One last thing today before I go. I do think there is something often quite beautiful about early beginnings. This innocence I speak of: this quality of trying out things that somehow become lost along the way: it's an elusive quality. I often see it in many artists work, not just photographers. Musicians and painters, writers and actors. You don't often know you have it when you do, and you don't have it any longer once you know you had it.

It's impossible to recapture the past. All you can do, is keep moving forward and respect where you've come from. Realise it had its time, and that you are different now.

Different Perceptions, a Different loudness

I've often thought of photography as the act of 'paying more attention than usual' to my visual world. Rather than just glancing everywhere, I spend more time studying and watching how light affects and modifies objects around me. I look more.

But I've come to realise that photography isn't just about increasing visual awareness. We may believe that we are just honing and developing our visual awareness, but other aspects of our consciousness are also being heightened. In particular, I seem to be more sensitive to intrusive sounds in my environment than I used to. I'm sure I noticed them on a subconscious level in the past, but these days I seem to be more conscious of them. What was once quiet, is sometimes now too loud, aurally as well as visually.

But it's not just in my auditory and visual awareness that I seem to be more conscious these days. I also seem to be more aware of the levels of noise within my thoughts.

Take today as an example: I have a body of new work to edit, yet somehow I cannot find the peace within my mind to begin editing. I just 'know' that today, and indeed this week isn't the time to work on them. All I know is that I need a certain space in which to edit this work, but simply marking off some free time in my calendar isn't enough. I have to be feeling it as well.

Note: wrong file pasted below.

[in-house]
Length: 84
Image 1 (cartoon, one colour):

If I'm not feeling it, I'd much rather go and do something else and leave the work alone for another day when I will have the proper emotional tools to work on it properly. But this too, depends on my level of awareness to figure out when there's no point in working on something because i'm either too tired, or just not in the right frame of mind to work on it.

We are all bobbing along on a sea of varying levels of perception and awareness. Some days I find I'm less sensitive to what is going on around me while other days everything can be too much. Visually, aurally and emotionally. I'm either in the right space to work on something or I'm not.

I've been saying for a while now, that improving one's own photography is sometimes about developing visual awareness, but that's only a tiny part of the story. Improving our photography is really about developing our awareness of everything around us and as well as what is going on within us. Photography isn't just about what we saw, it's also about what it meant to us and what it means to us now, and to do our intentions justice, we need to know when we've found the right levels of quietness within ourselves to bring the work to completion.

Delving deeper

It's good to get to know a landscape. Well.

Cono de Arita, Puna de Atacama, April 2017
Image taken by my guide on his Samsung phone. My films won't be ready until the very end of May !

I've been back in the Puna de Atacama region of Argentina this past week making some new photographs. My first visit here was two years ago. It was only a fleeting six day visit to the area where I felt I was often in the wrong place at sunrise and sunset. Despite being pleased with my first efforts, the experience left me feeling I had only scraped the surface of this amazing place. So many locations were wonderful but I was often there during the middle of the day when the light wasn't good. This is often the way with visits to new places: the first visit is more about finding out what it is I want to photograph and the second visit is about photographing it!

I like to get to know a place well, and repeated visits are the only way to do that. I see photographing a place like a continual learning experience where I hopefully grow in terms of my understanding of the place, as well as in my photography.